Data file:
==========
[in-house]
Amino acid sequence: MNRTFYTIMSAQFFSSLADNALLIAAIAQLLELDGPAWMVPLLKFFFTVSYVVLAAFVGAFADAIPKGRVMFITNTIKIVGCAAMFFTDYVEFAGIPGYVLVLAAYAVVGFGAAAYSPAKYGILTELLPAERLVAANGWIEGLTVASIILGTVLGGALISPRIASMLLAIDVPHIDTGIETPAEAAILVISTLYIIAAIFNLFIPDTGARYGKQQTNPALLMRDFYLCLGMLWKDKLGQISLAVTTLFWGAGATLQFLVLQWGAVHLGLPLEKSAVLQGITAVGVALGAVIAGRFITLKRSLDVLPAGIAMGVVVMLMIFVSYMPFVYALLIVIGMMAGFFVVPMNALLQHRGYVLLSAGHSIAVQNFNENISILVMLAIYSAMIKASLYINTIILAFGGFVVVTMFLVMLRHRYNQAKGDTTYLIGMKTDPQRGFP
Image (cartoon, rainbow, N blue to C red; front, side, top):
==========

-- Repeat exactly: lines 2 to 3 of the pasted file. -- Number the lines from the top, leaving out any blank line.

Amino acid sequence: MNRTFYTIMSAQFFSSLADNALLIAAIAQLLELDGPAWMVPLLKFFFTVSYVVLAAFVGAFADAIPKGRVMFITNTIKIVGCAAMFFTDYVEFAGIPGYVLVLAAYAVVGFGAAAYSPAKYGILTELLPAERLVAANGWIEGLTVASIILGTVLGGALISPRIASMLLAIDVPHIDTGIETPAEAAILVISTLYIIAAIFNLFIPDTGARYGKQQTNPALLMRDFYLCLGMLWKDKLGQISLAVTTLFWGAGATLQFLVLQWGAVHLGLPLEKSAVLQGITAVGVALGAVIAGRFITLKRSLDVLPAGIAMGVVVMLMIFVSYMPFVYALLIVIGMMAGFFVVPMNALLQHRGYVLLSAGHSIAVQNFNENISILVMLAIYSAMIKASLYINTIILAFGGFVVVTMFLVMLRHRYNQAKGDTTYLIGMKTDPQRGFP
Image (cartoon, rainbow, N blue to C red; front, side, top):